The last six months have presented all sectors of Irish Rugby with unprecedented challenges, the onset of Covid-19 and immediate suspension of all rugby activity back in March irrevocably changing the landscape, not least for the IRFU’s Coaching Department.
The very nature of coaching demands face-to-face interaction, be it at adult, youth, school’s or mini level, while the delivery model of key programmes and workshops for coaches around the country has previously been based on in-person contact. There has never been a need to do it any other way. Until now.
Led by the National Coach Development Manager, Jamie Turkington, the IRFU have worked closely with the Provincial Coach Development Managers and staff to support coaches in a number of ways in recent months, notably through the Performance Coaching Course which moved to a blended format incorporating the use of online platforms.
Launched in July 2019, the Performance Coaching Course saw over 50 coaches from schools, Energia All-Ireland League and Energia Women’s All-Ireland League and representative teams gathered at the IRFU High Performance Centre for three days of classes, shared learning and practical workshops.
While the delivery of this year’s course was very different due to Covid-19 restrictions, the IRFU’s objective remained the same: empower and equip coaches with the knowledge and resources required to better themselves as coaches, while tapping into the experience and expertise of a number of guest speakers, including Ireland Head Coach Andy Farrell.
Although the move to online learning prevented Turkington and his team rolling out a number of the practical workshops during this year’s course, it did present them with the opportunity to engage with the likes of the national management team, provincial senior and academy coaches.
“Circumstances obviously changed this year but we were still keen to explore every possible opportunity to help support the coaches work towards their qualification,” Turkington tells IrishRugby.ie. “The Coaching Department have been previously exploring a virtual or blended learning approach and the current situation allowed us to access Andy [Farrell] and some of the national coaches, who obviously added a huge amount of value to our online modules.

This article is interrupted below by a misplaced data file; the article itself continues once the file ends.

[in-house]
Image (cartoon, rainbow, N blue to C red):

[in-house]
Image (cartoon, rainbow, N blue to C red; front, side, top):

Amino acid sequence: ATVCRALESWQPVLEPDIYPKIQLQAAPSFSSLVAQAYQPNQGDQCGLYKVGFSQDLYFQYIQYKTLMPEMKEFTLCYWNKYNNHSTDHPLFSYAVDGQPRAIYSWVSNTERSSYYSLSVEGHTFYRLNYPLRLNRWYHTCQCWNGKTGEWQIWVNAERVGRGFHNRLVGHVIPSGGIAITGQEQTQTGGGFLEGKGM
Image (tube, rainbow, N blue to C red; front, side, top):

“The Lockdown period actually turned into a really good opportunity for our coaches to access experts and people who are leading in their field to help support their learning, and the experience someone like Andy has and his ability to share that knowledge with our coaches is invaluable.”
In addition to the Performance Coaching Course, the IRFU’s Coaching Department rolled out online resources and support services for coaches and the hugely-popular series of #ReturnToRugby Webinars in recent weeks and months was another valuable learning tool in these challenging times.
The support of the Provincial Coach Development Managers (CDMs) and staff, Turkington adds, has been immensely important during this period, ensuring coaches have stayed connected, engaged and informed ahead of the #ReturnToRugby in clubs and schools around the country.
“What we did nationally was replicated through the provinces and in particular credit must go to the CDMs and rugby development officers for this,” he explains. “They used it as an opportunity rather than a hindrance. They utilised that time to construct plans to support coaches across the game and looked at how best they could engage with coaches at that time.
“The feedback around the Performance Course and online workshops has been really positive and the #ReturnToRugby Webinars have provided clarity for the coaches going back onto the field, particularly around the activities they could undertake through the early phases. Building confidence with them through the provincial staff has been paramount leading up to the return of club and school’s rugby.”
As we reach the Competition Stage of the IRFU’s Return To Rugby Roadmap, and the start of the Men’s and Women’s Energia Community Series, Turkington says there is huge excitement among coaches as they begin to implement and introduce the learnings from this Lockdown period into sessions and activities with their teams.
“It will be really exciting to see the hard work put into practice on the pitch,” Turkington concludes. “The coaches have adapted and embraced the changes and hopefully now they’ll enjoy the process of getting back out on the pitch and coaching rugby again.
“What we want is coaches to step into an ongoing learning process and it’s not just a one-off qualification because they all want to extend their knowledge to be the best possible coach they can be. We’ll continue to work to deliver that for them, whether it’s in face-to-face settings as before or online as has been the case through this period.”